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Pasture management at the farm level

T.R. Hutchings

"Dalyre", Yerong Creek, NSW 2642


Pasture is a complex commodity with a range of end-uses. The pasture management techniques employed to manipulate the timing and type of production from the pasture will be determined to a large extent by the production system that is chosen by the farmer.

The yield of pasture and animal product depends on the system chosen, and is limited primarily by rainfall. Other limiting factors such as disease and nutrient supply work to affect the efficiency of rainfall utilisation. The pasture production potential in the absence of these limiting factors can be estimated for any location from a knowledge of the growing season rainfall. The yield of animal product obtained from a pasture depends on the quantity, quality and harvesting efficiency of the grazing animal. The potential yield and harvesting efficiency of a well managed pasture are largely determined by external factors beyond the control of the farmer. Pasture management must therefore focus on the manipulation of pasture quality.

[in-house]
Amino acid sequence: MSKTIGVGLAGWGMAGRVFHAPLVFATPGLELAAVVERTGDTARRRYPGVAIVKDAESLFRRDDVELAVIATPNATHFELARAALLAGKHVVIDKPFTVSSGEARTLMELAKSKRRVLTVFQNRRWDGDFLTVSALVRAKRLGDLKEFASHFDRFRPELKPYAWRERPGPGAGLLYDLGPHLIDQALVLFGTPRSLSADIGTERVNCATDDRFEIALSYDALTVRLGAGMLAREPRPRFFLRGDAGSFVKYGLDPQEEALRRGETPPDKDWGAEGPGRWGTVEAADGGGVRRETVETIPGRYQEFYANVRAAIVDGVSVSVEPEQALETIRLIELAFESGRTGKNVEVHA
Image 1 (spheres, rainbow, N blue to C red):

Pasture quality can be defined as the pasture composition most closely matching the needs of the pasture product chosen. In general legume dominant pastures are preferable to grass pastures for animal production and for integrating pastures and crops. Some enterprises, such as autumn lambing can result in the development of grass dominant pastures, while winter lambing can help to maintain legume dominant pastures. Modern pasture cultivars and chemicals give the farmer close control of pasture composition. It is possible to shift a typical mixed pasture into each of its several components (grass, legume, broadleaf weeds) using different combinations of chemicals and grazing methods. These techniques have short and long term effects on the whole farm system. The effects are poorly understood, at present and techniques need to be used with care.

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